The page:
Parsons Paris

Professor Isidore Bethel and Contemporary Filmmaking Practice: Talking Pictures

Contemporary Filmmaking Practice: Talking Pictures is a new course offered by Parsons and taught under Professor Isidore Bethel. Bethel, is a French-American filmmaker whose work has screened in the Cannes Film Festival’s Official Selection, at the Museum of Modern Art (NYC), and on American public television. Most recently, Bethel was editor and production consultant on a film which is now on a festival tour. The film’s title, Caballerango, follows a family reflecting on a young man’s disappearance in a Mexican village under the watchful eyes of the horse who saw him last.  Aside from the aforementioned project, Bethel brings his professional knowledge to our students through this six-week intensive class held on Saturdays, split into two sections.  Morning sections focus on presentations and discussions with contemporary practitioners, guiding the students through museum and gallery visits, film screenings, performances and readings.  After a lunch break, the class regroups for afternooon sessions based on responding to the morning visits of that same day through conversations, discussions and written responses.

Caballerango | Horse Wrangler

The course uses the above outline to look into the importance of moving images and their ability to become an integral part of our daily lives, stemming from their origins in documentary to silent narratives and talking pictures, from experimental forms to the advent of video and digital formats in the late 20th and early 21st centuries. Today, the methods of filmmaking allow us to see them as entertainment, as illustration, as background, as poetry, as advertising, as activism, and as art.  They explain narratives and forms of discourse that will be unpacked within the course and analyzed.  Professor Bethel aids the students in understanding the theoretical standpoint, the specific language from the disciplines of narrative film studies and art criticism, which serve as starting points for discussion. These learnt discursive tools help our students to improve their understanding of moving images’ multifaceted influences on our lives –as well as enrich approaches to our chosen disciplines.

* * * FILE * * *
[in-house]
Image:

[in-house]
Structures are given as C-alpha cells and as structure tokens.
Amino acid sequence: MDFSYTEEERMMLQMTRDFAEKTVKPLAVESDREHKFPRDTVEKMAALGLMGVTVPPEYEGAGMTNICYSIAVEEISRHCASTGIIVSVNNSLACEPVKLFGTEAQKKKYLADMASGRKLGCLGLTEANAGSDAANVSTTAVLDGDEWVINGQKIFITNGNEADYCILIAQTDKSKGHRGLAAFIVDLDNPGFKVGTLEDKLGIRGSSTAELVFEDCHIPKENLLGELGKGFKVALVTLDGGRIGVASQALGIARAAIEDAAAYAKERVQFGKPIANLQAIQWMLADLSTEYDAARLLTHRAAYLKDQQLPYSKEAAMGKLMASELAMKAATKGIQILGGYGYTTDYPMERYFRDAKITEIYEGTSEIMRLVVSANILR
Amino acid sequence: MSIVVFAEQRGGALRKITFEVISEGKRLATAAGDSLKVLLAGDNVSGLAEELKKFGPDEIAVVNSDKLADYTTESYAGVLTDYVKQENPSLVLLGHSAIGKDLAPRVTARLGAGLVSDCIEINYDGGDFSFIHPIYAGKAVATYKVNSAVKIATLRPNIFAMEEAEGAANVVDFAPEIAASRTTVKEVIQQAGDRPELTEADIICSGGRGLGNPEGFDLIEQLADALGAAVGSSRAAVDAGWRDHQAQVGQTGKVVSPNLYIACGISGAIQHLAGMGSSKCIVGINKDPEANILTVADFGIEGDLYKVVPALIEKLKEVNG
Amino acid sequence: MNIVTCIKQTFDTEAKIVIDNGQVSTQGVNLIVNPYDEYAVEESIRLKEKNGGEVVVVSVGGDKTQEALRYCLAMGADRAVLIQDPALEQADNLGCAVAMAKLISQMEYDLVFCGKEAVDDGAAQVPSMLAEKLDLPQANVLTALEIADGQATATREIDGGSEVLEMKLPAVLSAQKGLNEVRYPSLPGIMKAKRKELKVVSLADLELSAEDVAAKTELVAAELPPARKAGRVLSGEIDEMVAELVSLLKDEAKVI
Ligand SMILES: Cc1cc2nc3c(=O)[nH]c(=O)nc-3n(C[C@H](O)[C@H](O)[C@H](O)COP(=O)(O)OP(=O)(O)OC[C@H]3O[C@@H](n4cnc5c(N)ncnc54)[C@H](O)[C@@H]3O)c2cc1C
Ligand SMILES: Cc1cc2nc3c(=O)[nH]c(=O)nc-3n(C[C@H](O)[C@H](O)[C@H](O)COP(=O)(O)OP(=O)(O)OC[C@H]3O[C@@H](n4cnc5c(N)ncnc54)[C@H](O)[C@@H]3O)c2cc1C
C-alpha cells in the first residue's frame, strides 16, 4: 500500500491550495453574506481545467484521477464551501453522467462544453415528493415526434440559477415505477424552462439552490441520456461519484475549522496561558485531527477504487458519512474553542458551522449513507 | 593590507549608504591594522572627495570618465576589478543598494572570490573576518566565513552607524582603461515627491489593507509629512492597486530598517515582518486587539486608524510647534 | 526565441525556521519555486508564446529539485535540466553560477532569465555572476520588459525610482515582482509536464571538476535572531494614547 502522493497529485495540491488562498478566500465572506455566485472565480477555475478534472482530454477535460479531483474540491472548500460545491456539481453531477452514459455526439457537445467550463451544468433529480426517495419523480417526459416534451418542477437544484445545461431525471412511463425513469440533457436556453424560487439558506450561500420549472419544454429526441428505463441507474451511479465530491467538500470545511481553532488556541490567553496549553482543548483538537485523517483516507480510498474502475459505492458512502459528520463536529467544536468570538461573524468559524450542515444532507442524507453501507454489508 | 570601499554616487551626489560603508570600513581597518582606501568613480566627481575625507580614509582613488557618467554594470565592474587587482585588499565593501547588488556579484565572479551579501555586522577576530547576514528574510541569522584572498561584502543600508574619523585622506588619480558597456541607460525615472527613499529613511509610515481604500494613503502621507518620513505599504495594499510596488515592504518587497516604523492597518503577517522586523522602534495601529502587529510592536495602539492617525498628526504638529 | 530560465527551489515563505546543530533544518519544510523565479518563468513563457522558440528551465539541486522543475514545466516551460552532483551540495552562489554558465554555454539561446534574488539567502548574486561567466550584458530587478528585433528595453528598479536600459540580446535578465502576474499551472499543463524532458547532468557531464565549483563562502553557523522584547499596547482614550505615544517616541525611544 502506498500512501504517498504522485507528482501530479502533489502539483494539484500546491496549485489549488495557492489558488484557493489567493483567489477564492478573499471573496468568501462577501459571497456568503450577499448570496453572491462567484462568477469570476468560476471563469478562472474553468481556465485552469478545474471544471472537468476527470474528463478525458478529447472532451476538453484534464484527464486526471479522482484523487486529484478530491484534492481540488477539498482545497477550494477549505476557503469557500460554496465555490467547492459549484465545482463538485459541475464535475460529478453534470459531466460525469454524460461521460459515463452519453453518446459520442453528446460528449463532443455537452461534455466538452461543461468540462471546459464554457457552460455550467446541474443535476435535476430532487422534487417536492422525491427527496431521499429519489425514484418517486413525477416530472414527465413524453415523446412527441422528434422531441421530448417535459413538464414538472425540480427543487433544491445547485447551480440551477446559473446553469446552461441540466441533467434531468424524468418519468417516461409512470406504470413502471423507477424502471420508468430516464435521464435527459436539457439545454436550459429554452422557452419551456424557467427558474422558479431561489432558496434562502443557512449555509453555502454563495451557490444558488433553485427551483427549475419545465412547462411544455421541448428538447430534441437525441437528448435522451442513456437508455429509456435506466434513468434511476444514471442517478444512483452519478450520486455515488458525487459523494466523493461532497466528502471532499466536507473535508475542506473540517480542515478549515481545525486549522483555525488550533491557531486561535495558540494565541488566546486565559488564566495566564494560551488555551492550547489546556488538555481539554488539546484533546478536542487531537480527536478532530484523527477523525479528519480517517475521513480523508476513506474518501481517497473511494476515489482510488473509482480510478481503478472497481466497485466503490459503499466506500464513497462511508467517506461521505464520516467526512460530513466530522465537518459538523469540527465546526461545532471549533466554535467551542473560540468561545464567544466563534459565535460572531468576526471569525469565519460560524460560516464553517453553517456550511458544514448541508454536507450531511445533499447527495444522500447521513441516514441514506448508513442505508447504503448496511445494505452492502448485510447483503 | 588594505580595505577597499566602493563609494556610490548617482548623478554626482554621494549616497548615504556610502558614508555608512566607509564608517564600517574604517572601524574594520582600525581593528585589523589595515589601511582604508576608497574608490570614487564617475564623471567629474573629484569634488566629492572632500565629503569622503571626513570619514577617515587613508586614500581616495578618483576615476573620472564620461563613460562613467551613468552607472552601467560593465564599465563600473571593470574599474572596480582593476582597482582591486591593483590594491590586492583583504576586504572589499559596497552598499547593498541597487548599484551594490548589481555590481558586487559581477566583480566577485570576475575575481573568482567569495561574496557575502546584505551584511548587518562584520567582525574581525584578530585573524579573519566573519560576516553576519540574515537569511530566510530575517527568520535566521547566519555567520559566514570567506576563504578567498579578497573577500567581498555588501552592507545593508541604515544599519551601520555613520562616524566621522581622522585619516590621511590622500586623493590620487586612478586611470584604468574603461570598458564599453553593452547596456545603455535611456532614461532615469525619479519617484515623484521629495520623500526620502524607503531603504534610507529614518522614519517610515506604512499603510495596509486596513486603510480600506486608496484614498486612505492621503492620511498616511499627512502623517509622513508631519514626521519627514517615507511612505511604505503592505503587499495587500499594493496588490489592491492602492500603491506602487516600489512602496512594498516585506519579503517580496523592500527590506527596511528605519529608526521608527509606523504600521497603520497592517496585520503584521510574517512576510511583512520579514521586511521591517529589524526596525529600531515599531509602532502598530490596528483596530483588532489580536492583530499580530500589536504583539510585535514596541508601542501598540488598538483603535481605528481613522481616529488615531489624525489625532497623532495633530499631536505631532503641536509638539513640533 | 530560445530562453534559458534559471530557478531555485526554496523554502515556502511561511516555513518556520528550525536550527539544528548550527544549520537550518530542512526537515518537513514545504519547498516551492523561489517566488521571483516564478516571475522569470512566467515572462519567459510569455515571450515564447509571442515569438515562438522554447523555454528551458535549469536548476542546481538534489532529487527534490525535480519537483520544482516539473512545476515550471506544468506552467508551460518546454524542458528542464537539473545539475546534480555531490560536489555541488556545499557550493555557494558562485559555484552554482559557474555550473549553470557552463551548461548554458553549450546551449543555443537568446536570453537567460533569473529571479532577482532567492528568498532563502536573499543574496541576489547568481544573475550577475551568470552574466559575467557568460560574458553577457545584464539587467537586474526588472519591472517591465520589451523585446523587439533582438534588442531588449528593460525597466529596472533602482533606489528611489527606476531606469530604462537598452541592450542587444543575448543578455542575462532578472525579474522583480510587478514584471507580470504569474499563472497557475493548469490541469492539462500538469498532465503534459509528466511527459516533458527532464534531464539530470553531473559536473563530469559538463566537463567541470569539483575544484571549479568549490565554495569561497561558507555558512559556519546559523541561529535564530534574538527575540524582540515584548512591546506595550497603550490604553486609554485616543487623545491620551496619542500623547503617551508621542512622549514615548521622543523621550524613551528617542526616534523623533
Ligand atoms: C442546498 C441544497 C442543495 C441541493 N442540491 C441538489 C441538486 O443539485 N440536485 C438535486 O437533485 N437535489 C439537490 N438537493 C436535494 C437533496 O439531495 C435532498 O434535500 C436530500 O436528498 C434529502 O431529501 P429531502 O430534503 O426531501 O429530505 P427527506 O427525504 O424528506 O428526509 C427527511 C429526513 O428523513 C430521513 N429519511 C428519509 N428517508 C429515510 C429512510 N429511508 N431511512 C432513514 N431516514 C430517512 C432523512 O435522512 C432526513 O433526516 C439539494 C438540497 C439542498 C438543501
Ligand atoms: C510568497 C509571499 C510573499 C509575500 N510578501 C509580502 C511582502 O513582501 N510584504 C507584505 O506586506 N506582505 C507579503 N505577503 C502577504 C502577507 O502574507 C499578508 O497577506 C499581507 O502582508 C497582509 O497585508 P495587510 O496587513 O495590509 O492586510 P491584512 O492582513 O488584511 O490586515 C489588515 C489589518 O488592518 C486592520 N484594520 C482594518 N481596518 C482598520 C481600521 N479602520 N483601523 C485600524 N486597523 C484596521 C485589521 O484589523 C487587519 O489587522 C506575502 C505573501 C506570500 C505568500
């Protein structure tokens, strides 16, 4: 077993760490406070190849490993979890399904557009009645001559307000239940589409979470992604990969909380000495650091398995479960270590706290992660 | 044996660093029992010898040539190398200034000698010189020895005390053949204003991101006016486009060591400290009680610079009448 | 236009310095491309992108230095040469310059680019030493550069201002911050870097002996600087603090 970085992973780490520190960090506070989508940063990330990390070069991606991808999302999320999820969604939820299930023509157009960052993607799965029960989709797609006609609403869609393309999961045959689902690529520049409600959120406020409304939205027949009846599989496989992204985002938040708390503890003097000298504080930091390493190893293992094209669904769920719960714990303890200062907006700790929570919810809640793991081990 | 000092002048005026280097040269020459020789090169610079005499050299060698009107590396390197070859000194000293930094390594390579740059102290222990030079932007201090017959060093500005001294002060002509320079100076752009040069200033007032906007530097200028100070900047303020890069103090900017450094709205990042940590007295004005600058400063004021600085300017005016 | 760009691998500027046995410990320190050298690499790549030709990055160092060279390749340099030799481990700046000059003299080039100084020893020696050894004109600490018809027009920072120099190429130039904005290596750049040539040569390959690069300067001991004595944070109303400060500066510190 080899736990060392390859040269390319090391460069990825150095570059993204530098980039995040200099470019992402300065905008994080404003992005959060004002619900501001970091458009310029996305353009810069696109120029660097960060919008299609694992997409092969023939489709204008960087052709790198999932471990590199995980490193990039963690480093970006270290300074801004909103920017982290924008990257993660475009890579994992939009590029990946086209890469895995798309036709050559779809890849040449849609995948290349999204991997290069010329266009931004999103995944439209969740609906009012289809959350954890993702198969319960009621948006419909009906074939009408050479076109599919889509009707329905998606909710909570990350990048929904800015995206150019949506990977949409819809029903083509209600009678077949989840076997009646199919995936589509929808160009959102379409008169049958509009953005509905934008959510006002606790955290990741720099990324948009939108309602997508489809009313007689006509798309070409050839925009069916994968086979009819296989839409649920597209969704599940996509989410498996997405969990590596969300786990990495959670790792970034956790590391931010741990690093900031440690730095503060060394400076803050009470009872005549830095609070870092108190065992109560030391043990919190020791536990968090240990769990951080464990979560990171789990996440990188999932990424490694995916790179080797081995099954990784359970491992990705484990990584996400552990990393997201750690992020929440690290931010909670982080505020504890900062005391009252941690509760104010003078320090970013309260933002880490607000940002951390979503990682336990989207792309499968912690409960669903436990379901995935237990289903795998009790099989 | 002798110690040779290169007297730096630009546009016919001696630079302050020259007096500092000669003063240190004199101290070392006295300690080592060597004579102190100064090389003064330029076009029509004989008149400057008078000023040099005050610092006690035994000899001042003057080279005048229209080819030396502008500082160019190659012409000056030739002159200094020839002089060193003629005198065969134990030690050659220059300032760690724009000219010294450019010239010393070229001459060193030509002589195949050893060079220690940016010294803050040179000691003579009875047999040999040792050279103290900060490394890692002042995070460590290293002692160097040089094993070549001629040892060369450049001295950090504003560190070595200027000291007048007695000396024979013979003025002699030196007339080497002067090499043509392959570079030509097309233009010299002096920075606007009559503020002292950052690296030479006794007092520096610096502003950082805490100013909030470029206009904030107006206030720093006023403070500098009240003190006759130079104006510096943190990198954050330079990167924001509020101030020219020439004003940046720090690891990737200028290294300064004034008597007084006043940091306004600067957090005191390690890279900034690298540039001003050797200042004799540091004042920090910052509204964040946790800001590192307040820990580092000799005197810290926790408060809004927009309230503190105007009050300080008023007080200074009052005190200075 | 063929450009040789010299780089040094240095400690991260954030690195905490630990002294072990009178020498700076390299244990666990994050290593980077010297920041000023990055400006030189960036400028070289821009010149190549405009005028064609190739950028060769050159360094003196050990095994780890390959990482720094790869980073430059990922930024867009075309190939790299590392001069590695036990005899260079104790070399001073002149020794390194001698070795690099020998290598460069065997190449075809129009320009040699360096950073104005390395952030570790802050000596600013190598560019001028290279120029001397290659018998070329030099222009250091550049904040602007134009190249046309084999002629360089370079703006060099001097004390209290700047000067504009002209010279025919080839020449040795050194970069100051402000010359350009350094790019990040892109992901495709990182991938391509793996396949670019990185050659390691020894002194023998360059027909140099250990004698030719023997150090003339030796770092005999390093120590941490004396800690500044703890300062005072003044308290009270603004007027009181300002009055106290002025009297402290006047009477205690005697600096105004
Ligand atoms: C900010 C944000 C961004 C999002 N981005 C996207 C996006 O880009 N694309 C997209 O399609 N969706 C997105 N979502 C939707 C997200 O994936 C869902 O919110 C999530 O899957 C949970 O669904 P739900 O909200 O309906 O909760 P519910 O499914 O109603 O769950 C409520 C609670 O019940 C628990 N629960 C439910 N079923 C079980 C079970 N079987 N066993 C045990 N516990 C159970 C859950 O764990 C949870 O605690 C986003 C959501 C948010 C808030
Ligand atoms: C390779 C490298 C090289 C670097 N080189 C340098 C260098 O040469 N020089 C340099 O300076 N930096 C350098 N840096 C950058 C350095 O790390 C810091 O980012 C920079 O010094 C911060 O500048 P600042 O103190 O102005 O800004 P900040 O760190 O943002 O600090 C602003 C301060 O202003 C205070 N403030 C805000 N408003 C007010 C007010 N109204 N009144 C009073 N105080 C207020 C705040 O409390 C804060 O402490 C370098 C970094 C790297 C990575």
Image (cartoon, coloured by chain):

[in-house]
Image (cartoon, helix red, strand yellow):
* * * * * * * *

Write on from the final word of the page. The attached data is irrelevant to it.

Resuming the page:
This course introduces students to contemporary practitioners working in narrative fiction, nonfiction, and art in Paris. Students actively analyze moving image works themselves as well as makers’ discourses surrounding their practice. The class improves students’ abilities to write and speak about others’ creative work with insight, precision, and confidence. Many guests within the class include film producers, actors,writers,directors, curators, festival programmers, editors, and artists.  Over the next few weeks, Professor Bethel and his class are welcoming Lucas Habte, an Ethiopian-American filmmaker living in New York City, known for his documentary films, Christian Valdelièvre an individual present in the creation of the Cinemex theaters chain which ended with the investment of JPMorgan in the capital of the company, and the founder of Lulí Producciones, Cine Pantera and Titán Producciones, Francis Leplay, a French actor and novelist, Claire Babany, a programmer for the Chicago International Film Festival and member of the French production company Les Films du Poisson, Eugénie Michel-Villette founder of Les Films du Bilboquet and producer of eight nonfiction feature films and Laurent Bécue-Renard, a French director and producer, to name a few. These guest speakers will provide insights to their works, and their opinions within the industry allowing our students to network and be exposed to the inside ideals from professionals within the business.

To conclude the course, students get to create a learning portfolio, which archives one’s working process, the skills learnt, and the connections made between assignments, courses, and years – as well as housing ones completed work. The courses in the first year emphasize process– how you start, what happens next (and why), and how you end up at your final iteration of each project. Therefore showing preliminary work (sketches, drafts, notes, research, etc.) as well as final documentation of your work will help to tell your story and make connections that may not otherwise have been apparent.

Overall,  Professor Isidore Bethel and Contemporary Filmmaking Practice: Talking Pictures provides a new vision to the art form that is cinema, imagery, video and overall filmmaking, through the intelligent and professional vision of Bethel.

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